What GAO Found
Financial institutions, such as money transmitters and depository institutions that provide remittance transfers—funds sent from individuals in one country to a recipient in another country—are subject to anti-money laundering (AML) requirements under the Bank Secrecy Act (BSA). For example, these remittance providers must report suspicious and other transactions, and obtain and record information for each funds transfer of $3,000 or more. Remittance providers GAO spoke with identified challenges related to BSA compliance—including monitoring large amounts of remittance data to identify and prevent illicit activity, and keeping up to date with the changing behavior of criminals. Further, some banks have ended account relationships with money transmitters—which need bank accounts to conduct business. Money transmitters going out of business could lead remittance senders to use informal methods that are less detectable.
Remittances can pose money laundering risks, as funds related to illicit activity may go undetected due to the large volume of transactions or remittance providers' inadequate oversight of the various entities involved. Stakeholders identified money laundering risks associated with customers, geographic location, products, and agents (entities authorized to provide remittances) that may fail to follow BSA requirements. Remittances can be used to launder proceeds from different types of criminal activities, including drug trafficking and human smuggling, through methods such as structuring. For example, as the figure shows, a sender may structure remittances by breaking up a transaction into multiple transactions to avoid the $3,000 funds transfer threshold.
Example of Structuring to Launder Illicit Funds
Many stakeholders said that a lower dollar threshold would benefit agencies' AML efforts, but verifying remitters' legal immigration status might not benefit such efforts. Law enforcement officials GAO spoke with said that a centralized database of remittances—one potential result of a proposed rule that would require remittance providers to report certain remittances data at a low dollar threshold—would be useful in assisting AML efforts. Larger remittance providers generally did not object to lowering the funds transfer threshold because they had already self-imposed lower thresholds. But bank regulators and some stakeholders said that a lower threshold could create additional recordkeeping requirements and costs for smaller providers and for customers. Stakeholders generally expressed concern that a requirement to check the legal status of a remittance sender might not assist AML efforts because it could lead senders to use less detectable forms of transmitting money.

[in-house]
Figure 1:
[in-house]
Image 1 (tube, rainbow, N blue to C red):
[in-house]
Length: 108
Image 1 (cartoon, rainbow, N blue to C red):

Why GAO Did This Study
The World Bank has estimated remittance outflows will reach $586 billion in 2015. However, some reports have indicated that remittance providers may be vulnerable to money laundering. Remittance providers are generally subject to both federal and state oversight.
GAO was asked to examine the potential illicit uses of remittances and assess whether requiring remittance senders to provide certain types of identification at a threshold below the current $3,000 level would be useful for U.S. AML efforts. This report examines (1) BSA remittance requirements that exist for remittance providers and related challenges that remittance providers face in complying with these requirements; (2) money laundering risks that remittances pose; and (3) stakeholders' views on the extent to which requiring remittance providers to verify identification and collect information at a lower dollar transaction amount than is currently required, or adding a requirement to verify legal immigration status, would assist federal agencies' AML efforts. GAO reviewed laws and regulations, analyzed compliance data, and interviewed stakeholders (Financial Crimes Enforcement Network, regulators, remittance providers, law enforcement, and industry and other associations). GAO also interviewed a nongeneralizable selection of five money transmitters and four depository institutions based on factors such as remittance volume.
GAO is not making recommendations in this report. Agencies provided technical comments, which we incorporated as appropriate.
For more information, contact Lawrance L. Evans, Jr. at (202) 512-8678 or firstname.lastname@example.org.